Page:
Changes Coming for Veteran Owned Businesses


Self-certification for veteran-owned and service-disabled veteran-owned small businesses is being eliminated, and a number of other changes went into effect on January 1 as a result of an updated Final Rule from the Small Business Administration (SBA) about these types of awards, details of which will be posted in a new section of the SBA’s regulations.

Until now, only contractors seeking status as either a Veteran-Owned Small Business (VOSB) or Service-Disabled Veteran-Owned Small Businesses (SDVOSB)—defined as 51% or more owned and controlled by a veteran or service-disabled veteran, respectively—competing through the VA’s Veterans First Contracting Program have been required to petition the VA’s Center for Verification and Evaluation to attain qualified status.  Going forward, however, self-certification will only be an option for those seeking subcontracts and for goaling purposes.

The updated Final Rule also expands certification eligibility for these classes of small businesses, eliminating the requirement that firms be labeled as “small” in their primary North American Industry Classification System (NAICS) code. After January 1, contractors considered small under any NAICS code listed in its System for Award Management (SAM) profile—not just the primary code—will be considered qualified.

VOSBs and SDVOSBs that have been certified or re-certified within the past three years retain their previously granted eligibility until the expiration date; despite the changes in the rule, they need not reapply until that date comes. And the SBA can, at its discretion, extend that prior eligibility for up to one year, if the reapplication date hits during calendar year 2023.

Those wishing to apply or reapply early in 2023 (or whenever their current expiration hits) must submit the appropriate applications and documents on SBA’s website, showing that the small businesses is owned and controlled by one or more qualifying veterans or service-disabled veterans. The website will provide additional details on this, and SBA has a Frequently Asked Questions page that will offer any updates.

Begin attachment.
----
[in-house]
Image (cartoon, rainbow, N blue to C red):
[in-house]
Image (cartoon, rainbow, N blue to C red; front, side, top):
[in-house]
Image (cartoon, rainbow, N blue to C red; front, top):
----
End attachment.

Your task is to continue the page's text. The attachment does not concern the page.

Once an application is submitted, the small businesses should receive a message verifying receipt and containing an estimate on likely processing time. SBA sometimes will request additional documents and information, as well as clarification of those previously submitted, so applicants would do well to stay abreast of the process. VOSBs and SDVOSBs also must keep SBA abreast of altered circumstances that could affect their eligibility during the process, including changes in ownership, control or size of the business.

A few other provisions worth noting:

  • Veteran-owned small businesses that participate in either the 8(a) Business Development Program or the Women-Owned or Economically Disadvantaged Women-Owned Small Business programs can use documentation from the most recent annual reviews related to those eligibilities to seek VOSB or SDVOSB status, as long as they certify no changes in ownership and control have taken place in the interim.
  • To facilitate the transfer of certification responsibilities from the VA to the SBA, the latter is implementing a one-year grace period (ending December 31, 2023) during which veteran-owned small businesses may continue to self-certify for sole source or set-aside contracts outside the VA, until SBA makes a determination about the entity’s application.
  • When veteran-owned small businesses that enter into joint ventures with one or more other small businesses, their partner(s) need not be certified as a VOSB or SDVOSB.
  • Entities must continue to seek recertification every three years, within 120 calendar days before the end of their eligibility period, and there is no limit to the number of times they may do so.

Every veteran owned business should be aware of these options for financing assistance thru the SBA and try to take advantage of the program.